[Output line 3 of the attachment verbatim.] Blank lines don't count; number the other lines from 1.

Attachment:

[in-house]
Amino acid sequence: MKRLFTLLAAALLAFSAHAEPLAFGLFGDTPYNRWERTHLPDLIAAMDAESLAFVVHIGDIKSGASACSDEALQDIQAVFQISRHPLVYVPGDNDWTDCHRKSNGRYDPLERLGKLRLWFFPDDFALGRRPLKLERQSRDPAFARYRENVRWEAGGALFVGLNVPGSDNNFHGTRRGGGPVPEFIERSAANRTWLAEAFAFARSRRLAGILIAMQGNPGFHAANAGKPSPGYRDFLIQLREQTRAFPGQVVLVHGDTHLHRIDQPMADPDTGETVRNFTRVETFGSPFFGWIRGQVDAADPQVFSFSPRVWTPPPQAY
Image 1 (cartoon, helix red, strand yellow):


Image 1 (cartoon, helix red, strand yellow):